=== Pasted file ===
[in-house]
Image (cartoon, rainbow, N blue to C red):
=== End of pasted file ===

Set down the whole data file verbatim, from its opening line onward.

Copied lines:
[in-house]
Image (cartoon, rainbow, N blue to C red):